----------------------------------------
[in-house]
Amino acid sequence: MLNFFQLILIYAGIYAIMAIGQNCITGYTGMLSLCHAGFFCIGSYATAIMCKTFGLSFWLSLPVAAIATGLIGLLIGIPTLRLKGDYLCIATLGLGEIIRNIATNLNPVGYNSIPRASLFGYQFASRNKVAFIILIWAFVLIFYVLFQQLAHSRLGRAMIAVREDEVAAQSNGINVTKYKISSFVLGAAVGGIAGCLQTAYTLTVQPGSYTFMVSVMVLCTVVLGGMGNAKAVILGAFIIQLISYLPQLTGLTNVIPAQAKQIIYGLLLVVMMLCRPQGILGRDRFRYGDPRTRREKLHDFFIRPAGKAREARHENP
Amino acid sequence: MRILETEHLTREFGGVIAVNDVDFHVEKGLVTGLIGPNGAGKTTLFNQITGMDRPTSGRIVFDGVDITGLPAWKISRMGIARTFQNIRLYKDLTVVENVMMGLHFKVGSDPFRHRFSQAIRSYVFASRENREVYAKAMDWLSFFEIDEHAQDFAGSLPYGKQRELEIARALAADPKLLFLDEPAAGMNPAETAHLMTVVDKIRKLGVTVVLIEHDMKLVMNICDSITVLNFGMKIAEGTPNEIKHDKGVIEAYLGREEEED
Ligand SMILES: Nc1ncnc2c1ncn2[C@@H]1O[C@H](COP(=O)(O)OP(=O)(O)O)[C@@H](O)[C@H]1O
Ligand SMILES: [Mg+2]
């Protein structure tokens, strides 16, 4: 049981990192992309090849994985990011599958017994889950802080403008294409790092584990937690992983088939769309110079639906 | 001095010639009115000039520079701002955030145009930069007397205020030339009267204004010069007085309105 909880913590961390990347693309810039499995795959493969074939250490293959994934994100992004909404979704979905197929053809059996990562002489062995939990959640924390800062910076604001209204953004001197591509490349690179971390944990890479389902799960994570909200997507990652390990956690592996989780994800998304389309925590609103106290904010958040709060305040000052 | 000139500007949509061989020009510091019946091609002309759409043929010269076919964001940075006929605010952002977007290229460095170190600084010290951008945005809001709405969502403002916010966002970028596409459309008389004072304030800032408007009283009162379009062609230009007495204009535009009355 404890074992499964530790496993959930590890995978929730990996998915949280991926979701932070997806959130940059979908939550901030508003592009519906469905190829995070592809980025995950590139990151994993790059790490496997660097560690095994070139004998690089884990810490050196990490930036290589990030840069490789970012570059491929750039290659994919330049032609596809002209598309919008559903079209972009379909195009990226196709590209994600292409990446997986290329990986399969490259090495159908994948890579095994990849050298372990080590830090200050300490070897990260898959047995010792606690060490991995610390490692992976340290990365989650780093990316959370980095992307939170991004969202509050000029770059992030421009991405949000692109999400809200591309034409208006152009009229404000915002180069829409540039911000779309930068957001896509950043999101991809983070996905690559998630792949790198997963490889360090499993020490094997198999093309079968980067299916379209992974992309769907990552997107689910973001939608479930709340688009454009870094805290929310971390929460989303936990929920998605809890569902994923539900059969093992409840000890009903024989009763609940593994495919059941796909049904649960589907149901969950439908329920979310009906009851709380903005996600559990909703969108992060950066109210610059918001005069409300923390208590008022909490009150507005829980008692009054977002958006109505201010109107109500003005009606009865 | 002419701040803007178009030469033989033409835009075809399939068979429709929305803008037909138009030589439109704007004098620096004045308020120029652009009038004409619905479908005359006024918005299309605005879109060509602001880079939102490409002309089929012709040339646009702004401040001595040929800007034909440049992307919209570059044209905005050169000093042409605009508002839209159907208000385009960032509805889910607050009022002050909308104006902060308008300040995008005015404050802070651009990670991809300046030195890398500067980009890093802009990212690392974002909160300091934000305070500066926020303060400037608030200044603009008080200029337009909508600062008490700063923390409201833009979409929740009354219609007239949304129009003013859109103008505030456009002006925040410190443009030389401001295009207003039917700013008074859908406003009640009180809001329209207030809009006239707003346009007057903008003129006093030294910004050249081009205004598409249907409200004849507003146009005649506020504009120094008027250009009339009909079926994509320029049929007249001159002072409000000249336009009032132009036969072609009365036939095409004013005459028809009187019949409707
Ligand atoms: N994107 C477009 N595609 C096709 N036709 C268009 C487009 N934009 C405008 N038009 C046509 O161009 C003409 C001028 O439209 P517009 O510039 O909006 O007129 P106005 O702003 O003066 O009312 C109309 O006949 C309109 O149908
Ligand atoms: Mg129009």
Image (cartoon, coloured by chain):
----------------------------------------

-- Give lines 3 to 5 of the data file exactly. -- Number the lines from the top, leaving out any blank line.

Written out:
Amino acid sequence: MRILETEHLTREFGGVIAVNDVDFHVEKGLVTGLIGPNGAGKTTLFNQITGMDRPTSGRIVFDGVDITGLPAWKISRMGIARTFQNIRLYKDLTVVENVMMGLHFKVGSDPFRHRFSQAIRSYVFASRENREVYAKAMDWLSFFEIDEHAQDFAGSLPYGKQRELEIARALAADPKLLFLDEPAAGMNPAETAHLMTVVDKIRKLGVTVVLIEHDMKLVMNICDSITVLNFGMKIAEGTPNEIKHDKGVIEAYLGREEEED
Ligand SMILES: Nc1ncnc2c1ncn2[C@@H]1O[C@H](COP(=O)(O)OP(=O)(O)O)[C@@H](O)[C@H]1O
Ligand SMILES: [Mg+2]